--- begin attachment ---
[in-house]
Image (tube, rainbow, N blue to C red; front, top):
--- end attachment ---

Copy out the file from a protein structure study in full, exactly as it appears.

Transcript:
[in-house]
Image (tube, rainbow, N blue to C red; front, top):